Have you considered turning your traditional sales model into a membership model? One-off sales is the most straightforward business model out there. You have a product, the customer gives you money, you give them the product. Simple, right?
It’s not as simple as it might seem. In fact, in the long run, building a sustainable business on one-off sales is very difficult. But what is the alternative?
In the three years between 2014 and 2017, the number of people visiting websites employing a subscription based model grew by 800%
The reason for this incredible growth is that there are many benefits of utilising a membership model. While it won’t work for every business, there are plenty of reasons to consider it for yours. Here are six of our favourites:
1. Regular Income
The membership model might not guarantee more income, but it should stabilise it. This is a significant benefit for your business as it will help you make better predictions about future income. With greater certainty over future income, it’s easier to invest in growing your business.
2. Customer Retention
It will be advantageous four your members to consume your content instead of your competitors’. Plenty of people sign up to Netflix to watch Black Mirror. After they finish watching Black Mirror, they may have chosen to watch The Man in the High Castle, had all choices been equal. However, as they are Netflix subscribers, they instead chose to watch Stranger Things. Had they merely paid to see Black Mirror, they may well have rented their next series from Amazon Prime under a traditional rental model. Even with an option of a free trial to Amazon Prime, customers are minded to stick with the Netflix. They want to get as much value as possible from the money they invested in their subscription.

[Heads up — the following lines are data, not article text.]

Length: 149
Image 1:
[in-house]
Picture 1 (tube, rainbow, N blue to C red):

You can expect your members to ignore similar content on your competitors site if you can offer something roughly equivalent.
Members have reasons for subscribing to your site. Those reasons might not cover every item you offer. Their continued exposure to other items may eventually prompt enough interest to lead to an additional sale. Imagine you shop at a supermarket for frozen goods, but buy your fruit and vegetables from the greengrocer. You just think the produce is fresher. However you routinely encounter the fruit and vegetables at the supermarket. Eventually you stop going to the greengrocer and buy apples at the supermarket. You’re a member of the supermarket’s membership scheme, earning cashback on goods bought. Being a member convinced you to buy a product you wouldn’t have otherwise bought.
4. Better businesses are rewarded
Not all of these benefits are exclusive to the business. The membership model also has benefits for the consumer. The traditional sales model is more open to scams or abuse. A poorly made product or service can be well marketed and the consumer hoodwinked. With the membership model, it’s harder to deceive the consumer. You might be able to convince a consumer to pay an initial month’s subscription for an inferior product. That customer isn’t likely to pay for the second month once they’ve had time to properly assess your offering though.
It’s not only the customer who benefits. Businesses who provide a good service will retain their customers and inherit customers from the businesses who don’t. Only picking up a month’s subscription from new customers isn’t enough to sustain a membership model. If you are doing good quality work for your members this can be even more of a competitive advantage than in other models.
5. Client Relationships
In the traditional model of selling, the exchange of goods or services occurs and the interaction is complete. The buyer is unlikely be seen again by the seller.